IT is sad to witness (via multiple readers' letters published recently) those who would deny the people of Scotland the right to choose their own destiny so desperately clutching at the straws they see as “evidence” of the demise of the SNP and the entire movement for self-determination.

The incredible rise in membership numbers following the narrow loss in the last referendum, when by some accounts the SNP had the largest number of individual members across the whole of the UK, was not proclaimed as evidence that the Union had deceased. Yet, when through a pandemic and cost of living crisis (driven by the UK Government) member numbers drop less substantially, it is illogically claimed by some that independence is dead. If some actually believe that membership numbers are indeed so significant, why is none of these "desperados" calling for all UK political parties to release their membership numbers for say the last 10 years?

Apart from political opportunists and misguided journalists looking to create sensational headlines, does anyone seriously equate the identified internal management issues of the SNP as having even the slightest equivalence with a party that has hidden the report on Russian interference in UK politics and has furtively awarded its donors\cronies contracts worth many billions of pounds of tax-payers’ hard-earned income for unusable PPE? Given the economic catastrophe of Brexit and the complete financial shambles of the UK Government under Liz Truss does anyone honestly believe that shortcomings of the Scottish Government can credibly be considered comparable?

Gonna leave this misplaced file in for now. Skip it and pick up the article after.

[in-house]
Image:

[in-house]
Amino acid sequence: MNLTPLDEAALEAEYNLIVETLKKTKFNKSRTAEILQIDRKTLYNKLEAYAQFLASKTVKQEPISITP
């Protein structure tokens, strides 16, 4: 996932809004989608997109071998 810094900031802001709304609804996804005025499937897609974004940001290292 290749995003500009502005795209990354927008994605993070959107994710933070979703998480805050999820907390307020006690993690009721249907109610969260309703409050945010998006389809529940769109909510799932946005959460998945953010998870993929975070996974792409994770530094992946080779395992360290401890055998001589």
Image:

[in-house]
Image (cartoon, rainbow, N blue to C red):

Under the self-serving and dishonest Boris Johnson and ideologically right-wing Home Secretaries, such as Priti Patel and Suella Braverman, the UK has internationally become a pariah state with an apparent moral code falling far short of the values to which the majority of the people of Scotland aspire. The general public in Scotland have repeatedly proven that they know who are genuinely attempting to meet their needs and wishes as opposed to those who are essentially working for the benefit of a wealthy minority largely domiciled in another country, and that will not change whatever transformation is undertaken within the SNP or the wider Yes Movement.

Stan Grodynski, Longniddry.


THE internecine stramash which has convulsed the SNP since Nicola Sturgeon’s unexpected resignation is highly absorbing. But let’s face it, in the scheme of things it’s hardly earth-shattering.

All large organisations, be they political, commercial, religious or whatever, overclaim for themselves, and the SNP is no exception. Like any large organisation, of course it has its flaws. Even so it has somehow managed to conduct its day-to-day business of running the country pretty effectively for 16 years, including seeing off its competitors at two General Elections.